This tutorial will show you how to make the chocolate decorations for the Christmas Bauble recipe. The tutorial is split in two parts, the first part explains how to make the golden chocolate hanger on top of the pastry and the second part will show a way how to create the chocolate snowflakes and unmould them without breaking the delicate snowflakes.
50g white chocolate (tempered)
Chocolate comb (I used 3mm stripes)
Edible gold powder (water soluble)
Pure alcohol (94%)
Silicone mat (optional)
100g white chocolate (tempered)
Snowflake silicone mould
White food colouring (fat soluble) (optional)
The first part of this tutorial will cover step by step how to make a golden chocolate hanger for the Christmas Bauble.
First, we will prepare the stem of the hanger. For this, cut out a rectangle out of an acetate sheet which has the following dimensions: 15x16cm. It does not have to be precise, these are the dimensions that I used, however, you can choose to use other dimensions. For the stem in particular it will have no impact, it will only depend on how long your tube will be and thus how many stems you will produce.
With the acetate sheet, roll a thin tube. The thickness of your tube will determine the diameter of the stem of your hanger. Since the pastries are quite small, I would recommend rolling the tube not larger than 0.7cm. Use adhesive strips to fixate the sides of the tube so that it stays in shape.
Cover one side of the tube with cling film and make sure it is well sealed around the edges.
Prepare the tempered white chocolate and transfer it into a piping bag. Slowly fill the tube with chocolate. It is best to put the tube in a long glass so that your hands are free for holding the tube and piping. After filling up the tube with chocolate, tap the tube gently in the glass to release air bubbles, but be careful that the cling film doesn't break or the chocolate runs out of the tube. Leave the tube in the glass and place all together in the fridge until the chocolate has solidified.
In the meantime let's prepare the loop. For this you also need to cut out a rectangle but with the following dimensions: 10x14cm. Again, you don't need to stick to the precise measurements, just make sure you measure how tall/big you want your loop to be and then use those measurements. Soak some kitchen towels in alcohol and wipe the surface where you will work with the chocolate. I recommend doing this on a silicone mat but you can also do it directly on your kitchen counter. Place the acetate foil on the wiped area and wipe the top of the acetate foil as well with the alcohol. This will stick the acetate foil to the surface, which makes it easy to work with. As an added bonus you have automatically cleaned your surface and the acetate foil.
Parallel to the shorter side of the acetate foil place your ruler. The ruler is optional but it will ensure that your lines are completely straight. Along one of the longer sides of the acetate foil, pipe a generous amount of tempered white chocolate.
Use your chocolate comb, place it in front of the chocolate and to the side of the ruler. Pull your comb down over the acetate foil along the ruler to get straight lines. Let the chocolate set a little bit and remove the acetate sheet from the silicone mat.
Fold the acetate sheet in half, making sure the ends of each chocolate string overlap and touch each other. Gently press the ends of the strings together and let the chocolate set in the fridge.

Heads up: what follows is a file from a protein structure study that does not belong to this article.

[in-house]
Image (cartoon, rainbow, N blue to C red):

After the chocolate has set, gently peal away the acetate foil. You now have several loops ready to be attached to the stem.
After the chocolate tube has set, remove the cling film and the acetate foil. Lightly heat a sharp knife and cut small pieces from the tube. You can heat up the knife with a heat gun, over a candle or just hold it under hot water. You can also pour boiling water into a cup and keep the knife there in between use. If you use hot or boiling water, dry the knife first before using it.
Use the warm knife to make a slit in the stem. Melt down a bit of the end of the loop on the warm knife and place it in the slit of the stem. Hold it in place until the chocolate sets a little and is stable, then place it in the fridge and let it set completely.
Finally, mix some of the edible gold powder with pure alcohol and paint the hanger. I would recommend holding the stem and painting the loop first. When the loop is dry paint each side of the stem, drying it in between. If needed, paint two layers.
The second part will explain how to make chocolate snowflakes without them braking while unmoulding from a silicone mould.
Temper your white chocolate. You can optionally add fat soluble white food colouring to make the snowflakes whiter. Pour the chocolate into the mould and tap the mould on the counter to release air bubbles. Leave the excess chocolate on the mould.
Place a silicone mat on top of the mould and gently press it on the mould. Use a scraper to flatten out the silicone mat. You want the mat to be as tight to the mould as possible.
Let the chocolate set a bit and then gently flip the mould with the mat. Make sure that while you flip the mould, the silicone mat does not peel away from the mould. Place all of it in the fridge for at least 20 minutes to let it set.
As soon as the chocolate has set, gently peel back the silicone mould. The chocolate will stick to the mat and thus prevent the chocolate from breaking off in the delicate places. Gently release the chocolate from the silicone mat. You will have a thin layer of chocolate around the snowflakes which can be easily broken off. If there are areas where the excess chocolate does not come off as easily, use a small sharp knife to help out.
After preparing the chocolate hanger and snowflakes, you are ready to decorate your Christmas baubles.